Tuesday, July 23, 2013

Contest Winner?

It's that time of year again.  Since 1982 the English Department of San Jose State University have sponsored the Bulwer-Lytton Fiction Contest.  Open to anyone with a pen, paper, bad idea and a stamp, or at least access to the internet, the annual  Bulwer-Lytton Fiction Contest, challenges writers to compose the opening sentence to the worst of all possible novels.

Knebworth House, The Bulwer-Lytton ancestral home 

The contest named for Edward George Bulwer-Lytton, author of classic lines such as "It was a dark and stormy night", "The pen is mightier than the sword", "the great unwashed:, and "The almighty dollar" selects "winners" in multiple fiction categories. This year's winners have been announced. The complete winner's list is here

Chris Wieloch was the overall winner with this entry:
She strutted into my office wearing a dress that clung to her like Saran Wrap to a sloppily butchered pork knuckle, bone and sinew jutting and lurching asymmetrically beneath its folds, the tightness exaggerating the granularity of the suet and causing what little palatable meat there was to sweat, its transparency the thief of imagination.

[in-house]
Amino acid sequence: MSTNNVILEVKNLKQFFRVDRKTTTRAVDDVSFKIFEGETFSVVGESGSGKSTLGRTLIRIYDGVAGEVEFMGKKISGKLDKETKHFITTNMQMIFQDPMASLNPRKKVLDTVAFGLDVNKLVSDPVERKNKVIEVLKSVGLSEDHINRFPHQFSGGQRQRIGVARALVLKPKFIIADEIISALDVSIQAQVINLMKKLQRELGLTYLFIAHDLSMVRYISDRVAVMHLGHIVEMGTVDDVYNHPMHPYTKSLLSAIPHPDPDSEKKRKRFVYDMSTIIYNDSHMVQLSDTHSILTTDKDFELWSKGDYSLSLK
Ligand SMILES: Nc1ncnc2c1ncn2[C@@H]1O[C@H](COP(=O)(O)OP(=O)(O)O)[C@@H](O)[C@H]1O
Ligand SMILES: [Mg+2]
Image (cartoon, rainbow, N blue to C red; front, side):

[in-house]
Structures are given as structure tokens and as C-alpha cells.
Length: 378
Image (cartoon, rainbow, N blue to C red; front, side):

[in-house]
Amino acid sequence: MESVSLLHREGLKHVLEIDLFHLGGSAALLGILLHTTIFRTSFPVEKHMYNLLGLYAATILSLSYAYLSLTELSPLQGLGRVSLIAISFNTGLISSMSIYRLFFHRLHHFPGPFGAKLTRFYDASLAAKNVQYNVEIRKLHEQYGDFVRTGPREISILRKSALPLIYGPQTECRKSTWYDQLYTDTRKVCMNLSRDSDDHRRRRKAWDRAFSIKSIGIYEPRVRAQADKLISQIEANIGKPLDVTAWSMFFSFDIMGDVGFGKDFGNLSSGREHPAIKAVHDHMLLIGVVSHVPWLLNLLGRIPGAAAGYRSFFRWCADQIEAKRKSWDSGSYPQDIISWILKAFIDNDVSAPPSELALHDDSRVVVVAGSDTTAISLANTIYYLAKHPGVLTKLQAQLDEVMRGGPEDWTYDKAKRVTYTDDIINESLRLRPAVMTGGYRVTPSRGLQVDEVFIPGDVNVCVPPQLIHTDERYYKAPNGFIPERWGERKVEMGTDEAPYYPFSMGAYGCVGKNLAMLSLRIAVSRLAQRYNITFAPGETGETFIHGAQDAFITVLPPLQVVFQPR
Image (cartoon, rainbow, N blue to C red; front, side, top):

Adventure category runner up Ron D. Smith offered :
As the sun dropped below the horizon, the safari guide confirmed the approaching cape buffaloes were herbivores, which calmed everyone in the group, except for Herb, of course.

perhaps you may prefer:

The Pilgrims and Native Americans gathered around the feast, a veritable cornucopia of harvest and game, a gastronomic monument to the bountiful biodiversity of the land, and while Mrs. Standish’s cranberry sauce was a far cry from the homogeneous gelatinous can-imprinted sacrosanct blob which has become the holiday’s sine qua non, the rest of the food was good. — Jordan Kaderli, Dallas, TX

He had a way with women that was at first endearing, then gradually engendered caution and finally outright rejection, like potato salad at a summer picnic. — Paul Sutcliffe, Pittsburgh, PA

Who says the Humanities are dead?

1 comment:

Vanessa said...

Thank you for these. I will think of Mr Wieloch's words each time I am forced to witness the granularity of someone's suet. Alas, it happens all too often these days.
The rest are hilarious as well.